Phillip Salem: Social justice advocate and inspirational leader
Phillip Salem: Social justice advocate and inspirational leader


Phillip Salem: Social justice advocate and inspirational leader

For National Managing Partner of Sparke Helmore Phillip Salem (BEcon/LLB ’83), it was Macquarie that chose him, rather than the other way around.

“I was determined to study law anywhere that would take me,” he says.

“I had come from a migrant background and an under-resourced school and feel particularly indebted to Macquarie for giving me that opportunity.”

Fearless challenger

He explains that the teaching style and ethos of Macquarie Law School, with its focus on teaching law in context, was a ground-breaking approach and remains incredibly valuable to everyone who has studied there.

Learning to fearlessly challenge both lecturers and classmates – and be challenged in return – was one of the most valuable things he gained.

“My Macquarie Law School experience increased my confidence and ability to speak out and hold my ground, while making me more inquisitive, rigorous and analytical – both professionally and more broadly in my everyday life,” he says.

Fork in the road

Despite the demands of full-time study, he held down several part-time jobs and played a number of sports on campus including volleyball – with the Macquarie team having a brief purple patch against the West Australian state team. He also became involved with the Macquarie Legal Centre, where he began as a student volunteer and later became a member of the management committee.

Phillip says he enjoyed the experience so much that after graduation he believed that he would be a legal aid lawyer for the rest of his career.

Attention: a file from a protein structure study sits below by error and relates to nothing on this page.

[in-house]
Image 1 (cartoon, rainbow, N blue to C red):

“This experience, and my passion for public interest advocacy, which I discovered during my time at Macquarie Law School, gave me a start in government where I worked for the next 13 years.”

“I came to Sparke Helmore because of this government experience and most of my work since has and continues to be with government clients. Macquarie’s commitment to social justice, concretely expressed through the Macquarie Legal Centre, helped me get where I am today,” he says.

The wisdom of experience

For people starting out in the field, Phillip says experience counts. “Legal experience is critical. Whether you volunteer, work as a paralegal or get any sort of experience in legal firms and organisations, this will put you ahead of the pack.”

The other thing is balance, he adds. “Working hard on your studies is important, but you need to be much more than your academic transcript. Have a life, pursue outside interests and work out a way to balance this against your studies (and later your work).

“This will make you a better and more successful lawyer as you will be more interesting and relatable to colleagues and clients alike.”

For Phillip, his Macquarie Law School education has had an impact that is broader than his career path. “I am sure that my experiences in Lebanon in my formative years, and the challenges of adapting to a new country, meant that I had some level of understanding and empathy already, but it was my time at Macquarie Law School that really brought my passion for social justice to the fore.

“It also gave me the language, tools, connections and experience to actually do something about it, and to work out ways to make a difference and bring about change.”

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